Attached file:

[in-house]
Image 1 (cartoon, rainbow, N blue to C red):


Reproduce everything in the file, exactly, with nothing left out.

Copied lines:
[in-house]
Image 1 (cartoon, rainbow, N blue to C red):